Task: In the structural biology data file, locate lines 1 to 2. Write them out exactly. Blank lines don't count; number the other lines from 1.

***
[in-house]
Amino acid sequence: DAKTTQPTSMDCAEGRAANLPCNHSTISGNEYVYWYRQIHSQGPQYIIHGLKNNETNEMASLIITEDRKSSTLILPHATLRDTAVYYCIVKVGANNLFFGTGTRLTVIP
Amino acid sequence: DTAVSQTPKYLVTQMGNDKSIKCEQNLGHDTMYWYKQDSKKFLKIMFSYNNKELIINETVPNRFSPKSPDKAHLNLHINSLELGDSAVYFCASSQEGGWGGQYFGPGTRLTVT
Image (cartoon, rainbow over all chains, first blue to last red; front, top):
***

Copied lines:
[in-house]
Amino acid sequence: DAKTTQPTSMDCAEGRAANLPCNHSTISGNEYVYWYRQIHSQGPQYIIHGLKNNETNEMASLIITEDRKSSTLILPHATLRDTAVYYCIVKVGANNLFFGTGTRLTVIP